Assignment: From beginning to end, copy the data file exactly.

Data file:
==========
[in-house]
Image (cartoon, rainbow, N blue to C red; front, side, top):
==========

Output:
[in-house]
Image (cartoon, rainbow, N blue to C red; front, side, top):